Other Previews: Catchers, First Basemen, Second Basemen

Categories : Players
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Jan
02

Prospect Profile: Austin Aune

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(David Minton/Denton Record-Chronicle)

Austin Aune | SS

Background
A Texas kid from the suburbs of Dallas, Aune was a two-sport star at Argyle High School. He led the Eagles to the Texas 3-A football championship game last fall spring by throwing for nearly 3,500 yards with 42 total touchdowns. On the diamond, Aune led the team in batting average (.447) and homers (eight) while also doing some pitching. He was named the district co-MVP in football and district MVP in baseball as a senior.

Aune was a strong quarterback prospect and committed to Texas Christian University, which was going to allow him to play both sports. Baseball America ranked him as the 15th best prospect in Texas and 128th best prospect overall prior to the 2012 draft, though there were plenty of concerns about his signability. The Yankees rolled the dice with their second round pick, taking Aune with the 89th overall selection. It was the compensation pick they received for failing to sign second rounder Sam Stafford in 2011. The Yankees had an agreement in place with Aune before the end of the draft, and he officially signed less than two weeks later. He received a $1M bonus that was nearly double the $548,400 slot recommendation.

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Categories : Prospect Profiles
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June 15th: Via K. Levine-Flandrup and Jim Callis, Aune has officially signed for $1M. Slot money was just shy of $550k, so they went over big time for him. Check out our Draft Pool page for the latest on that front. Interestingly enough, Aune will begin his professional career as a shortstop, not as an outfielder. He did play short in high school and I was wondering if they would have him at least have him try it after signing. No reason not to, really.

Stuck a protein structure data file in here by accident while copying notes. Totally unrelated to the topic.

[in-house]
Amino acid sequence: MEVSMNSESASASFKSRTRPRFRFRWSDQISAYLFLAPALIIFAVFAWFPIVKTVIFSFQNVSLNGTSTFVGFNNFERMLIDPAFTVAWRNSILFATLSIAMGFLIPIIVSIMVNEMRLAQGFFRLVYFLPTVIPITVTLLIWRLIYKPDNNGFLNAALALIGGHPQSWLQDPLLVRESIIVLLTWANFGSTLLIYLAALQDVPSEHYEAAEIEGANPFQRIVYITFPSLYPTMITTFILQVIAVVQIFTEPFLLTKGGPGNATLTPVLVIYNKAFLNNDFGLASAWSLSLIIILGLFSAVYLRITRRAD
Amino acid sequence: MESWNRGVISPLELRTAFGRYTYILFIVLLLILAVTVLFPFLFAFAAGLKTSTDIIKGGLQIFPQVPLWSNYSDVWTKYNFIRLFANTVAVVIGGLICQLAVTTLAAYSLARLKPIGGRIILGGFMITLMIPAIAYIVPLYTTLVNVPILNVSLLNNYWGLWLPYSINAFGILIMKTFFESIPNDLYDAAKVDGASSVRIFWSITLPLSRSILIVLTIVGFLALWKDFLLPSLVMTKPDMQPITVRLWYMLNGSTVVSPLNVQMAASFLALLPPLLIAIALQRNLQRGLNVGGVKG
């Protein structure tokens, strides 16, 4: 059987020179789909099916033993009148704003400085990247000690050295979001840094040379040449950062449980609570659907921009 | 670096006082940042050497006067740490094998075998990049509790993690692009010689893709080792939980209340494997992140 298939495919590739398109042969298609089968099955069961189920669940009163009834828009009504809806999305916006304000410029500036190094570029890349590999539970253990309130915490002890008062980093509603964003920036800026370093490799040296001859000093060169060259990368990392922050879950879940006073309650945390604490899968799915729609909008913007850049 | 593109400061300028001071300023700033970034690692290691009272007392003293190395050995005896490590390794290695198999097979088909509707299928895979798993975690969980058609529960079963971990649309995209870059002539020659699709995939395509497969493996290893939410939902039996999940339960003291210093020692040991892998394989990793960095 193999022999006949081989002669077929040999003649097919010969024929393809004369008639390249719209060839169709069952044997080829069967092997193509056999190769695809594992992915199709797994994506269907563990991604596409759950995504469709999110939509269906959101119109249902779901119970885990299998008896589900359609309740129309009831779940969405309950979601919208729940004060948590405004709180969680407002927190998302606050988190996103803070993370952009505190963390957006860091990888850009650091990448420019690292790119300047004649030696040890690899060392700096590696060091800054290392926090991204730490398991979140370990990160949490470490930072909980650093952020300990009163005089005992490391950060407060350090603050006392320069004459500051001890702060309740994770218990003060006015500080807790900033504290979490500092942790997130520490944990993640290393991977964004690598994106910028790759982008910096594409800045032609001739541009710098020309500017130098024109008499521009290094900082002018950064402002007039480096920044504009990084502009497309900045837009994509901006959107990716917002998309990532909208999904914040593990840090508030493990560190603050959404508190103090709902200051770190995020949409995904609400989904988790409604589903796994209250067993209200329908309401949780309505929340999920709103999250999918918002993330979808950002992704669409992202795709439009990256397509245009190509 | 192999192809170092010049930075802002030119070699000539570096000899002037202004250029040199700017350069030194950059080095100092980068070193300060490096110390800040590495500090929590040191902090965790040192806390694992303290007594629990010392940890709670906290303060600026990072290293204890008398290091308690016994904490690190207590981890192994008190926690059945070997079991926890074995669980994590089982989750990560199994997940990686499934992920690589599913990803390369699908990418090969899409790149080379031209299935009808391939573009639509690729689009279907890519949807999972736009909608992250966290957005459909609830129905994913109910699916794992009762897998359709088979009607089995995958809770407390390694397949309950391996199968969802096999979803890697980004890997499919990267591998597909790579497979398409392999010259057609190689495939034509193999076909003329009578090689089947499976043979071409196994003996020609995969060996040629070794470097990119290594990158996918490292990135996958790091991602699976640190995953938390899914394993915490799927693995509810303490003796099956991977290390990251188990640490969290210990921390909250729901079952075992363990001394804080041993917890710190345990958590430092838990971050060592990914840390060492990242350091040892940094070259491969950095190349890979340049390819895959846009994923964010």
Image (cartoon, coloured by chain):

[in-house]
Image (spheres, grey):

June 5th: Via Adam Boedeker, the Yankees already have an agreement in place with second round pick Austin Aune. The high school outfielder from Texas was committed to TCU, and New York selected him with the compensation pick they received for failing to sign last year’s second rounder, Sam Stafford.

Slot money for the 89th overall pick is $548,400, though it’s unclear how much the agreement is worth. In their subscriber-only scouting report, Baseball America said Aune “offers an impressive package of tools, starting with plus raw power and arm strength … He has a balanced lefthanded stroke and solid speed, and scouts praise his makeup as well.” I don’t remember the Yankees ever having an agreement in place with a draft pick this quickly, but I suppose this is a result of new Collective Bargaining Agreement. Teams had to make sure they could sign their guys before committing.

Categories : Asides, Draft